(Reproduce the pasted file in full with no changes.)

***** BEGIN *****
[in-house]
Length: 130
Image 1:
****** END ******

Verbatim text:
[in-house]
Length: 130
Image 1: